The road from Pagosa rose gently for about 18 miles before heading up the pass. We stopped just before the climb and Sean did some tuning on Catherine's bike. The pass went quickly. We were using about 1 amp of power for each mile of travel so the 8 mile ascent used more than half of the power I used for the 66 miles we rode today.
Going down the backside of the pass was a great ride. It started snowing just as we left so we didn't linger on the top. We flew down the backside with hail pelting our faces and giant grins on our faces.
We rode on to Del Norte when the wind and weather and time of day forced us to portage to our destination with Jim's next friend on our route, Ward Olin who lives in Crestone, a community at the base of the Sangra De Christo mountain range. Right now it's storming outside, Ward just lit a fire and we are very grateful to not be outdoors riding or even camping.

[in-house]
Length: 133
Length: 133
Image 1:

As we were riding out of Pagosa Springs, we passed a number of housing developments that made me think about sustainable communities. In Navajo country, the families live together and create the villages that raise the children. What I saw today reminded me that the American dream of a house in the country has contributed to the polarization and isolation of our communities. Sustainable communities challenge many of the rugged individualism values that Americans adore. Our hosts along our route are helping to build the kinds of communities that the world needs more of. Sharing their lives and being curious about our lives are two keys to building the kind of world I want for my children.